• Why is the kernel community replacing iptables with BPF?

    The Linux kernel community recently announced bpfilter, which will replace the long-standing in-kernel implementation of iptables with high-performance network filtering powered by Linux BPF, all while guaranteeing a non-disruptive transition for Linux users.

  • The developer of Helium Rain gave an update on their sales, low overall sales but a high Linux percentage
    Helium Rain [Steam, Official Site], the gorgeous space sim from Deimos Games is really quite good so it's a shame they've seen such low overall sales. In total, they've had around 14,000€ (~$17,000) in sales which is not a lot for a game at all. The good news, is that out of the two thousand copies they say they've sold, a huge 14% of them have come from Linux. It's worth noting, that number has actually gone up since we last spoke to them, where they gave us a figure of 11% sales on Linux.
  • Want to try Wild Terra Online? We have another load of keys to give away (update: all gone)
    Wild Terra Online [Steam], the MMO from Juvty Worlds has a small but dedicated following, now is your chance to see if it's for you.
  • Arch Linux Finally Rolling Out Glibc 2.27
    Arch Linux is finally transitioning to glibc 2.27, which may make for a faster system. Glibc 2.27 was released at the start of February. This updated GNU C Library shipped with many performance optimizations particularly for Intel/x86_64 but also some ARM tuning and more. Glibc 2.27 also has memory protection keys support and other feature additions, but the performance potential has been most interesting to us.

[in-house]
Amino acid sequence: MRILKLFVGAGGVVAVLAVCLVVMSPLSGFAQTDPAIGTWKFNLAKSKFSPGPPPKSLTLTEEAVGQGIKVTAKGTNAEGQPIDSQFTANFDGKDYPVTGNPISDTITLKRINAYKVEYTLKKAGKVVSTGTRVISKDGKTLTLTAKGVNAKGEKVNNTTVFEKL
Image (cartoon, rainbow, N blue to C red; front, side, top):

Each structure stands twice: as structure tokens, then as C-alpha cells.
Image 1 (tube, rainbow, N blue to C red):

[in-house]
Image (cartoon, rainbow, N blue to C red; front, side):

• Installed nvidia driver
  • Stephen Smoogen: Fedora Infrastructure Hackathon (day 1-5)
  • Design and Web team summary – 20 April 2018
    The team manages all web projects across Canonical. From www.ubuntu.com to the Juju GUI we help to bring beauty and consistency to all the web projects.
  • Costales: UbuCon Europe 2018 | 1 Week to go!!
    We'll have an awesome weekend of conferences (with 4 parallel talks), podcasts, stands, social events... Most of them are in English, but there will be in Spanish & Asturian too.
  • Tough, modular embedded PCs start at $875
    Advantech has launched two rugged, Linux-ready embedded DIN-rail computers with Intel Bay Trail SoCs and iDoor expansion: an “UNO-1372G-E” with 3x GbE ports and a smaller UNO-1372G-J with only 2x GbE, but with more serial and USB ports.

OSS Leftovers

  • IRS Website Crash Reminder of HealthCare.gov Debacle as OMB Pushes Open Source
    OMB is increasingly pushing agencies to adopt open source solutions, and in 2016 launched a pilot project requiring at least 20 percent of custom developed code to be released as open source – partly to strengthen and help maintain it by tapping a community of developers. OMB memo M-16-21 further asks agencies to make any code they develop available throughout the federal government in order to encourage its reuse. “Open source solutions give agencies access to a broad community of developers and the latest advancements in technology, which can help alleviate the issues of stagnated or out-dated systems while increasing flexibility as agency missions evolve over time,” says Henry Sowell, chief information security officer at Hortonworks Federal. “Enterprise open source also allows government agencies to reduce the risk of vendor lock-in and the vulnerabilities of un-supported software,” he adds.